Major Trends in Medical Technology Heading into 2020

Few fields are injected with emerging technologies more often than healthcare. Existing at the forefront of ingenuity, medical technology continually evolves and improves as it introduces breakthrough after breakthrough into the field and lives of its patients and providers.
These last few years alone have seen a dramatic rise in the adoption of new medical technologies by healthcare organizations, ranging from improved telemedicine to advances in surgical robotics. And 2020 promises even more profound technological achievements.
We’ll cover a few of the most intriguing trends in medical technology as we round the corner into the new year and how they’ll impact the healthcare sector in the foreseeable future.

Surgical Robotics

Surgical robotics is an area within MedTech experiencing a considerable period of development and expansion. In 2018, the global market share for surgical robotics was $5.4 billion—those numbers are expected to balloon to a massive $24 billion just by 2025 as robotic surgical systems capabilities continue to advance.

One example to demonstrate the surge in robotic systems technology in healthcare is leading surgical robot systems manufacturer Intuitive Surgical. Last year, their most advanced surgical robot system, “da Vinci” performed more than 1 million procedures, a stark increase compared to the 136,000 procedures performed in 2008. Controlled remotely by a surgeon from a console, da Vinci is capable of performing a myriad of precise, advanced procedures through a small incision. This minimally invasive approach allows for faster patient recovery times and alleviates much of the physical toll on surgeons.

As these robotic systems continue to improve in dexterity, applications, and cost-efficiency, expect increased implementation throughout 2020.

Artificial Intelligence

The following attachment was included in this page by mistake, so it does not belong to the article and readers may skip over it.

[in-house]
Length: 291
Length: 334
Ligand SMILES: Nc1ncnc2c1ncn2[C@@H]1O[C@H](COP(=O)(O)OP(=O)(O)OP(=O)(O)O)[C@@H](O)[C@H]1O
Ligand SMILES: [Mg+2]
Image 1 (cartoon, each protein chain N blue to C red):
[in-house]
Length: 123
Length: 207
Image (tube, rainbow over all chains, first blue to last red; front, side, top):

It would be difficult to find an industry blog that wouldn’t include artificial intelligence as one of its burgeoning trends, and healthcare is no exception. A byproduct of the myriad emerging technologies in healthcare is an overwhelming amount of data. While nearly every aspect of the sector, from administrative processes to research and diagnostic efficiency, stands to benefit, the sheer amount of information can be incapacitating for healthcare systems.

Fortunately, recent computational advances allow artificial intelligence to extract the meaning from that data in better and more actionable ways than ever before. Already, mobile apps can diagnose skin cancer with expert accuracy, AI systems can diagnose heart and eye disease as well as or better than specialized physicians, and rapidly improving chatbots can dispense accurate medical advice to reach more patients in light of staffing shortages or other restrictions to healthcare access.

AI and machine learning have firmly established its place in healthcare by providing innovative and impactful solutions to dramatically improve the outcome and experience of patients—and that capability is only expected to increase in the coming years.

Wearable Medical Devices

The rise of consumerism in healthcare and continuous technological breakthroughs have intersected in the exploding use of wearable medical devices. More and more patients strive to become more active participants in their healthcare decision-making, resulting in more than 80% of consumers reporting a willingness to wear a variety of wearable medical devices.

Far more than just counting your steps, wearable devices can already function as ECG monitors that track atrial fibrillation and communicate with doctors, blood pressure, sleep, sweat, and heart monitors, and more. In addition to increasing patient engagement, early indications for improved clinical outcomes due to wearable medical technology are highly promising. For just one example, research from Augusta University Medical Center showed that the use of a wearable biosensor registered an 89% reduction in patient deterioration into preventable cardiac or respiratory arrest.

As consumer use of wearables continues to increase year after year, the door remains firmly open for future development and implementation of these devices to improve a variety of patient outcomes.

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